Lancaster’s hospice and university are growing together

Lancaster University Staff Survey supported St Johns Hospice.
Lancaster University Staff Survey supported St Johns Hospice.
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With more than 800 lettuces and 124 pounds of tomatoes produced in the last growing season it is safe to say the volunteer-run garden is an asset to St John’s Hospice.

Fruit and vegetables produced in the garden help the kitchen to provide staff, volunteers and patients at the Slyne Road charity, as well as visitors to the Courtyard Café, with a large variety of nutritious produce.

Peter Whitehead and Ben Bibby.

Peter Whitehead and Ben Bibby.

Flowers and plants, which are all lovingly grown from seeds, are also sold to help fund the Hospice’s operations, such as ‘Cosmos’ plants, which are often a popular choice due to their bright colouring and their attractiveness to bees, which are essential to maintaining a healthy and happy garden.

Despite the volunteers working to keep costs as close to zero as possible, their green operations would not be possible without the generosity of the public and local organisations such as the recent £3,442.50 grant from Lancaster University – money that was raised as part of a staff survey initiative.

Catherine Harrison, associate director of HR at Lancaster University said: “As part of our 2018 Staff Survey, members of university staff were given the choice to nominate a charity for the university to donate some money to on their behalf.

“Given this opportunity, our community showed their depth of appreciation for the work of St John’s Hospice by voting in large numbers for this wonderful charity.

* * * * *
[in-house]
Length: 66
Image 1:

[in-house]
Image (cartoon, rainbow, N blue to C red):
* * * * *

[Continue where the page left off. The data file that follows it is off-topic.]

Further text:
“We’re delighted to have been able to make this donation, playing a part in creating a greener, healthier future for the Hospice and on behalf of our staff, I’d like to say thank you for all you do.”

Lisa Morgan, community fundraiser from St John’s Hospice, visited the university campus to thank staff for helping raise the money.

Meeting with members of staff, Lisa explained how the donation will be used to make improvements to the hospice’s volunteer vegetable garden.

“Our vegetable garden is entirely run by volunteers,” she said. “Our food is grown and goes straight from the garden to the table.

“We are a charity and we need to be as self-sustainable as possible. We think using your donation for our garden fits well with your university’s ethos. Thank you so much for helping to make a difference!”

St John’s Hospice is incredibly grateful for this donation and proud to be upgrading their garden to help continue to follow their self-sufficiency and ‘green-thumb’ path.

A demonstration of this self-sufficiency is that all the compost used is produced on-site by decomposing horse chestnut leaves and donated manure.

Thanks to Lancaster University the hospice is delighted with its new greenhouse, materials for ‘cold frames’ to stop plants from overheating in the summer, timber for improving the raised beds and concrete to lay a foundation for the greenhouse as well as upgrading the pathway to the raised beds.

Peter Whitehead, a keen gardening volunteer for the hospice, is thrilled by the university’s generous donation as it means that the garden will now have a larger space for plants such as herbs, squash and many more tomatoes.

“It is amazing to see the upgrading of the garden as it makes working on the garden even more enjoyable for us volunteers as we can grow even more of the produce while keeping the quality high,” he said.

“This is going to enable us to be able to grow more produce, save more money and get fresher food to the patients, their families, and the public who come in to our café.”

Not only is the garden enjoyable for the volunteers, it also acts as a beautiful area of the hospice for patients and their families to visit to see the growing flowers, fruits and vegetables to get a closer look at how some of their food is produced.

Visitors also comment on the abundance of wildlife in the hospice gardens such as nesting nuthatches and wrens, as well as a family of jays.

James Foster, catering supervisor at the hospice, said: “There is no better feeling for a cook than to be able to go outside, pick produce and cook with it immediately.”